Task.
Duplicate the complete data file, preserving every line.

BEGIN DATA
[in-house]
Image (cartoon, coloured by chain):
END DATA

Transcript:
[in-house]
Image (cartoon, coloured by chain):